Tel Aviv-Yafo (Hebrew: תֵּל־אָבִיב-יָפוֹ, Tēl-ʾĀvīv-Yāfō [tel aˈviv ˈjafo]; Arabic: تَلّ أَبِيب – يَافَا, Tall ʾAbīb-Yāfā), often referred to as just Tel Aviv, is the most populous city in the Gush Dan metropolitan area of Israel. Located on the Israeli Mediterranean coastline and with a population of 460,613, it is the economic and technological center of the country. If East Jerusalem is considered part of Israel, Tel Aviv is the country’s second most populous city after Jerusalem; if not, Tel Aviv is the most populous city ahead of West Jerusalem.[a]
Tel Aviv is governed by the Tel Aviv-Yafo Municipality, headed by Mayor Ron Huldai, and is home to many foreign embassies.[b] It is a beta+ world city and is ranked 41st in the Global Financial Centres Index. Tel Aviv has the third- or fourth-largest economy and the largest economy per capita in the Middle East. The city currently has the highest cost of living in the world. Tel Aviv receives over 2.5 million international visitors annually. A “party capital” in the Middle East, it has a lively nightlife and 24-hour culture. Tel Aviv has been called The World’s Vegan Food Capital, as it possesses the highest per capita population of vegans in the world, with many vegan eateries throughout the city. Tel Aviv is home to Tel Aviv University, the largest university in the country with more than 30,000 students.
The city was founded in 1909 by the Yishuv (Jewish residents) as a modern housing estate on the outskirts of the ancient port city of Jaffa, then part of the Mutasarrifate of Jerusalem within the Ottoman Empire. It was at first called ‘Ahuzat Bayit’ (lit. “House Estate” or “Homestead”), the name of the association which established the neighbourhood. Its name was changed the following year to ‘Tel Aviv’, after the biblical name Tel Abib adopted by Nahum Sokolow as the title for his Hebrew translation of Theodor Herzl‘s 1902 novel Altneuland (“Old New Land”). Other Jewish suburbs of Jaffa established before Tel Aviv eventually became part of Tel Aviv, the oldest among them being Neve Tzedek (est. 1886).[dubious ] Tel Aviv was given “township” status within the Jaffa Municipality in 1921, and became independent from Jaffa in 1934. After the 1947–1949 Palestine war Tel Aviv began the municipal annexation of parts of Jaffa, fully unified with Jaffa under the name “Tel Aviv” in April 1950, and was renamed to “Tel Aviv-Yafo” in August 1950.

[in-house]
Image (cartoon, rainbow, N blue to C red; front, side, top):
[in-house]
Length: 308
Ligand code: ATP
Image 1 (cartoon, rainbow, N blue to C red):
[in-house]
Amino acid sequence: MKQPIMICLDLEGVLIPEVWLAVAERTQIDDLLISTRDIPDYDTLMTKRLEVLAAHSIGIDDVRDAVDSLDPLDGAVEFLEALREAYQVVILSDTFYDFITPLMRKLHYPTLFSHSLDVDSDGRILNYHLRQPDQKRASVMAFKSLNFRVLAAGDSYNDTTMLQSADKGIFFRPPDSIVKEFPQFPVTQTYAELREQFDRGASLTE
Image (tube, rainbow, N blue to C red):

Immigration by mostly Jewish refugees meant that the growth of Tel Aviv soon outpaced that of Jaffa, which had a majority Arab population at the time. Tel Aviv and Jaffa were later merged into a single municipality in 1950, two years after the Israeli Declaration of Independence, which was proclaimed in the city. Tel Aviv’s White City, designated a UNESCO World Heritage Site in 2003, comprises the world’s largest concentration of International Style buildings, including Bauhaus and other related modernist architectural styles. (Source)